An independent report which makes recommendations to help secure the future of Liverpool libraries is being considered by councillors.
The Library Advisory Task Group – chaired by the former President of the Chartered Institute of Library and Information Professionals, Jan Parry – was set up to look at ways to make libraries in Liverpool sustainable in the face of huge cuts in funding from Central Government.
Mayor of Liverpool Joe Anderson announced in March 2017 that he had reversed a planned £1.6 million reduction in the libraries budget over the next three years, but the council remains determined to find new ways of diversifying the service and making it less dependent on public subsidy.
The recommendations include:
• Introducing paid events and seeking sponsorship to generate income• Working with other library services across the city region, eg: introducing a single membership which can be used across all areas
• Co-locating with other organisations such as health centres to promote health and wellbeing
• Continuing to put on arts and cultural events
• Extending opening hours through self-service and generating income from online sales
• Setting up a volunteer-co-ordinator role to support activities in libraries
• Extending the Home Library Service for people who can’t get to a library building, perhaps across the city region
Jan Parry, Chair of the Library Advisory Task Group, said: “We were asked to apply new thinking, ideas and recommendations to help make sure the city has a vibrant, sustainable and high quality library service in the future.
“I would like to thank my fellow task group members and library staff for their suggestions and support which have helped shape this report, as it has been absolutely invaluable. We have also drawn on the experiences of other libraries, museums and other service providers around the world for inspiration.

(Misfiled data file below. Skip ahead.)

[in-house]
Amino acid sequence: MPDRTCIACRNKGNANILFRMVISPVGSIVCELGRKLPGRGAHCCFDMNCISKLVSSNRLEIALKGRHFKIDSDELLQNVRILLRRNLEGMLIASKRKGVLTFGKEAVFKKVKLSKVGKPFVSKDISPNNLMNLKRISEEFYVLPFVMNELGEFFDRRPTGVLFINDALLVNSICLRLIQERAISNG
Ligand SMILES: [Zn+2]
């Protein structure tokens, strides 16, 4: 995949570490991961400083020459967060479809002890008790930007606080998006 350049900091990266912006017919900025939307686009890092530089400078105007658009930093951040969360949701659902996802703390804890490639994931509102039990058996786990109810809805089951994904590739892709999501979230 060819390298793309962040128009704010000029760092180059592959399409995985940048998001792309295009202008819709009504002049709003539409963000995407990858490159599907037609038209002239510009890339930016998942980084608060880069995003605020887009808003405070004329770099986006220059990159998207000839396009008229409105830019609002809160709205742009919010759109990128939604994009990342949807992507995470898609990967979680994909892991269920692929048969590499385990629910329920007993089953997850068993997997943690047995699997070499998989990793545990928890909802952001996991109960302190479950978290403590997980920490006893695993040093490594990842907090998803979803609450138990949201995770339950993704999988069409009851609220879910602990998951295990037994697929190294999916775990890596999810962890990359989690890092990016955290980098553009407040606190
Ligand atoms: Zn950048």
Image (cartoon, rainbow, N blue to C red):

“Standing still with no further change is not an option and more needs to be done to ensure that the city has a sustainable library service for the future. So I strongly recommend that any additional income generated by the Library Service is ring-fenced to ensure its sustainability into the future.
“It is also vital that is retains professionally qualified and experienced staff in order to ensure the service is delivered to a professional standard.
“I hope the ideas and recommendations are helpful to the Mayor and the council and enable it to continue to provide a high quality service for all communities into the future.”
Liverpool has 14 libraries and another five which are now managed by community organisations, meaning residents still have access to library membership and can order the full catalogue of books and other items.Assistant Mayor and Cabinet member for libraries, Councillor Wendy Simon, said: “Liverpool is hugely proud of its library service, as we were one of the first cities in the country to have one, and they have always been hugely popular.
“In the face of huge cuts in our funding from Government we have worked hard to shield libraries as much as possible, while at the same time driving forward improvements such as the stunning new Central Library and the introduction of ebooks and free wifi.
“I very much welcome this report, which makes a number of creative and practical suggestions about ways we can diversify libraries. It is a blueprint which we can build on to ensure they have a secure future.”
The report will be considered by the Culture, Tourism and Events Select Committee on Tuesday 3 October.